Skip to content
master
Switch branches/tags
Code

Latest commit

 

Git stats

Files

Permalink
Failed to load latest commit information.
Type
Name
Latest commit message
Commit time
 
 
 
 
 
 
 
 
 
 

Columbus

Columbus is a python package to simulate a series of uncertain events, such as a company's business plan.

Let's take a look at the following code snippets from example 1. Suppose you want to estimate the number of ice creams you will sell on a certain day to people passing by. You can create variables using datatypes representing Normal and Skewed distributions, as well as Scalar numbers. Don't mind the sim for now.

# usage of a normal distribution
chancePassengerBuysIceCream = Normal(sim, 0.05, 0.04)

# usage of a skewed distribution, right is the direction of the tail
numberOfPassingPeoplePerHour = Skewed(sim, 300, SKEWNESS.SMALL, 'right')

# usage of a scalar
numberOfHoursSelling = Scalar(sim, 8)

You can read more about the different datatypes below. The code snippet below illustrates operations on variables such as mul() and floor().

iceCreamsSoldPerHour = chancePassengerBuysIceCream.mul(numberOfPassingPeoplePerHour)
# only keep samples that are > 0
iceCreamsSoldPerHourPositive = iceCreamsSoldPerHour.floor(0)
iceCreamsSoldTotal = iceCreamsSoldPerHourPositive.mul(numberOfHoursSelling)

Other operations such as adding and subtracting are also possible. You can read more about the operations below. The only thing left to explain is the sim variable used above. It is used to set the simulation level of detail and can be used to plot variables.

# start of simulation
sim = Simulator(int(1e4), 2e6) # simulator parameter specifies how fine grained the simulation will be, 1e4 is a reasonable value. 2e6 is the max memory consumption in [kb]
sim.start()

# intermediate calculations...

# plot the result
sim.plot(iceCreamsSoldTotal,'Number of sold icecreams','a label')

# end of simulation
sim.stop()
sim.report() # prints the number of calculations performed and the elapsed time

The plot looks like this:

Check out the complete script for example 1 here. You can also find more examples there.

Contents

Installation, Dependencies and Usage

To install Columbus, download the source and run the python installation script. For unix systems:

sudo python setup.py install

Once this is done, it can be used in any script on your system. Columbus needs the following preinstalled modules to function properly:

  • matplotlib
  • numpy

To use the Columbus library in a script, use the following imports:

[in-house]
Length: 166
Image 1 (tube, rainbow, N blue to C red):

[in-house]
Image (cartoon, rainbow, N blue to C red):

from columbus.simulator import FINESSE,STD,SKEWNESS,Simulator
from columbus.datatypes import Scalar, Normal, Skewed

Data types

Columbus has several data types. All these data types are subject to the same operations, as described below

Scalar

A scalar is a fixed scalar number. It can be initialised as following: Scalar(simulatorObject, scalarValue)

Normal

Simulates a normal distribution. Initialisation: Normal(simulatorObject, mean, sigma)

Skewed distribution

Simulates a skewed distribution. Initialisation: Skewed(simulatorObject, mean, skewness, tailDirection). For the skewness parameter, predefined values from the SKEWNESS object can be used: SKEWNESS.SMALL, SKEWNESS.MEDIUM or SKEWNESS.LARGE. `tailDirection' is a string equal to left or right, indicating if the tail is to the left or to the right of the mean.

Uniform

Implementation of a uniform distribution. Initialisation: Uniform(simulatorObject, low, high). The parameters low and high are respectively the minimum and maximum size of the sampling domain.

Operations

Data items supports the following basic arithmetic operations:

  • .add(dataItem)
  • .sub(dataItem)
  • .mul(dataItem)
  • .div(dataItem)

DataItems can also be modified to remove all samples above or below a certain value:

  • .floor(value) removes all values below value
  • .ceil(value) removes all values above value

DataItems can also be inverted (invert()) or rounded to the nearest int (toInt()).

Note: All operations have no effect on the dataItem they were performed on, they return the result (the functions are pure).

Plotting

Columbus can plot all above mentioned data types. The syntax is as following:

sim.plot(vars,title,labels)

with

  • vars either one variable or a list of variables
  • title optional the title of the plot
  • labels optional either one string or a list of strings

Calculating key figures

Columbus offers multiple descriptive statistics

  • mean()
  • median()
  • percentageSmallerThan(value)
  • percentageLargerThan(value)

About

A python package to simulate uncertain events

Resources

Stars

Watchers

Forks

Packages

No packages published

Languages